Providing extra food in early spring led to earlier egg laying and increased productivity for the Great Spotted Woodpecker.
Birdwatchers have been amazed by the big increase in the numbers for Great Spotted Woodpeckers over the last 15 or so years. In a paper in the latest issue of Bird Study, the journal of the British Trust for Ornithology, authors Ken and Linda Smith provide a potential explanation for the woodpeckers’ success.
In a wood in Hertfordshire, Great Spotted Woodpeckers were provided with suet blocks at 13 feeding stations distributed over half of a 100-ha study wood from early February until late April 2011, with the other half of the wood left unfed. In the spring of 2011 breeding attempts in the 'fed' zone were earlier, by an average of four or five days and birds there produced almost twice as many fledged youngsters as those in the unfed zone, even though the supplementary feeding stopped before the main period of chick rearing.
BTO Members, Ken and Linda Smith had been studying the woodland for the previous five years and found no differences between the zones in any of the previous years when no extra food was provided. The availability of caterpillars, the natural food for the breeding woodpeckers, was measured by using 'frass' traps to collect their droppings. 2011 was a very warm spring and the natural prey abundance peaked very early. This meant that none of the woodpeckers' breeding attempts were well synchronized with the emergence of the caterpillars. However, the small advancement in first egg date meant the supplemented birds were better synchronized than the birds that did not have access to suet blocks. Birds in the fed areas raised an average of 4.2 chicks per pair, compared to 2.1 chicks per pair in the unfed areas.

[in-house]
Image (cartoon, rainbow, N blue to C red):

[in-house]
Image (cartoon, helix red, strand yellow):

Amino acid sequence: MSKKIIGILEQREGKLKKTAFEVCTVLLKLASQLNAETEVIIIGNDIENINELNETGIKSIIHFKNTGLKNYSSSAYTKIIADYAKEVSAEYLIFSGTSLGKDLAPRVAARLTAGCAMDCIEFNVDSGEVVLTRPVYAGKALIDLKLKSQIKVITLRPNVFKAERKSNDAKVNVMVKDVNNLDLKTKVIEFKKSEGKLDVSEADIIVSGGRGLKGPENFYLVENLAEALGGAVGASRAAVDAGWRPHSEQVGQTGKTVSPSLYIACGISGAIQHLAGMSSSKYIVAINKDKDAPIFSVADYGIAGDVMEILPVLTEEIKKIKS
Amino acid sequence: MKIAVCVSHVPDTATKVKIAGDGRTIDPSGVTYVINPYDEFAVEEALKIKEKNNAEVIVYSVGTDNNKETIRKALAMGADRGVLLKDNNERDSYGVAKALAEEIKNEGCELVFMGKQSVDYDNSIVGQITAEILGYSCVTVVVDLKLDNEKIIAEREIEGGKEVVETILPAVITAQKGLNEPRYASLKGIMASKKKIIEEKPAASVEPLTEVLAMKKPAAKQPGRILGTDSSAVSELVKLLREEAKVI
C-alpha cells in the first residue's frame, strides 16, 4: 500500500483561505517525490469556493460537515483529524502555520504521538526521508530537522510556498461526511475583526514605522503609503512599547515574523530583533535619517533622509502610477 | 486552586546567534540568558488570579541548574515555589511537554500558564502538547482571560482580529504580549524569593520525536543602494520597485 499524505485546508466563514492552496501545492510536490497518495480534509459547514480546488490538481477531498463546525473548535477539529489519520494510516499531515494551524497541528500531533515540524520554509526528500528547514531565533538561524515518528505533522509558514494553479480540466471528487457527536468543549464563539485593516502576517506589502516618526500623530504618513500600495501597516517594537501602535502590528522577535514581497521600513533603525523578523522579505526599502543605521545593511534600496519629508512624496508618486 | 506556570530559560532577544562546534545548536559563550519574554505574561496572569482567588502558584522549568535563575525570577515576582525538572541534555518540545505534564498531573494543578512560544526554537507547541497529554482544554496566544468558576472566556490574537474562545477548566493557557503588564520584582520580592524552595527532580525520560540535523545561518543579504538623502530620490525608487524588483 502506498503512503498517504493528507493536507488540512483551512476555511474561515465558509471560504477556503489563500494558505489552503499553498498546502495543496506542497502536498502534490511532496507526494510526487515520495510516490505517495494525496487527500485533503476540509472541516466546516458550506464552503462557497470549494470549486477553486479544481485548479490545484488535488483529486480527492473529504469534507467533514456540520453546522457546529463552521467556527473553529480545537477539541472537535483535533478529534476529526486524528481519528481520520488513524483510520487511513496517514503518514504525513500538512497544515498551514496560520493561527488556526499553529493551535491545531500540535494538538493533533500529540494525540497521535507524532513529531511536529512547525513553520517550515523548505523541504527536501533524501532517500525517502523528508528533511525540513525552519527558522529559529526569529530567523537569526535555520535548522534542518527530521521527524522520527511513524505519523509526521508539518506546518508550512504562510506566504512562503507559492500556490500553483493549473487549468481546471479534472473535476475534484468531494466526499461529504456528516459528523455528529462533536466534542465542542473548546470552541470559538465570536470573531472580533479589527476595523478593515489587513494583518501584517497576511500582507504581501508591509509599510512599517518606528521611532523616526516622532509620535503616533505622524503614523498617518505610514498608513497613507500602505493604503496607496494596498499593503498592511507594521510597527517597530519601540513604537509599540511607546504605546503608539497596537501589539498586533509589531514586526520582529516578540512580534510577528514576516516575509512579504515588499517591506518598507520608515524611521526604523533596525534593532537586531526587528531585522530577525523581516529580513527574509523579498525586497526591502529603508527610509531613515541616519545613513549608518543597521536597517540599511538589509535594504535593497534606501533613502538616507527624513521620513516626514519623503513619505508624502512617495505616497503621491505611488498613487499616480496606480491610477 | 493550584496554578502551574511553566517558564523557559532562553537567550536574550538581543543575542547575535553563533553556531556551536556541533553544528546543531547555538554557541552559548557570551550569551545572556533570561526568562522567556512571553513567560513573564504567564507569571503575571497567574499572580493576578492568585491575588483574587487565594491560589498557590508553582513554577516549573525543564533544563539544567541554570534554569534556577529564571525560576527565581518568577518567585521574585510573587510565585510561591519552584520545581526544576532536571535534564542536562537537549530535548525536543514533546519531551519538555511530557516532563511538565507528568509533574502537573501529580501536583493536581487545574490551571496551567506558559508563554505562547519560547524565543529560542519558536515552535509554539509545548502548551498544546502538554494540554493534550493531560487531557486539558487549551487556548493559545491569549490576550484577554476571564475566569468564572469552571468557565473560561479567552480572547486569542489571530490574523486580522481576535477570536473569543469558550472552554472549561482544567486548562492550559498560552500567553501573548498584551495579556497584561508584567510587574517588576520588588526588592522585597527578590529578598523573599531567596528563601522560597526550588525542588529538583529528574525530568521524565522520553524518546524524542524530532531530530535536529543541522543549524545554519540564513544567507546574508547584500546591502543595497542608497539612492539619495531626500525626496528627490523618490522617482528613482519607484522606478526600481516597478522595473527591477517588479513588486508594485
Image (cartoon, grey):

Ken Smith said "Having studied these birds for best part of 30 years, I was amazed at the difference extra food made in 2011. A few days' shift in egg laying date allowed them to be so much more productive."
The response of Great Spotted Woodpeckers to supplementary feeding suggests that they may be limited in their ability to shift their breeding period in response to the earlier boom in caterpillar numbers. This has important implications for the response of the birds to warm springs, which are expected to be more frequent under future climate change. By using feeders, Great Spotted Woodpeckers breeding in woodlands close to gardens may well be able to avoid problems caused by the changing timing of the spring season. By producing a big brood of youngsters, even in early springs, garden-feeding parents may be helping to fuel the current population increase.
Notes for Editors
- English Great Spotted Woodpecker numbers rose by 122% in the period 1995 to 2010, according to Breeding Bird Survey data. BBS is jointly funded by BTO, JNCC and the RSPB.
- The study was carried out in Wormley Wood, Hertfordshire, a mature Oak and Hornbeam wood and a long-term study site for Great Spotted Woodpeckers. The wood was selected because of its large extent (100 ha), relatively uniform habitat, good numbers of breeding woodpeckers (around 25 pairs in recent years), and its relative isolation from houses and gardens, where supplementary feeding may have already been taking place.
- The BTO is the UK's leading bird research charity. A growing membership and up to 60,000 volunteer birdwatchers contribute to the BTO's surveys, collecting information that underpins conservation action in the UK. The BTO maintains a staff of 100 at its offices in Thetford, Stirling, Bangor (Wales) and Bangor (Northern Ireland), who analyse and publicise the results of surveys and projects. The BTO's work is funded by BTO supporters, government, trusts, industry and conservation organisations. www.bto.org
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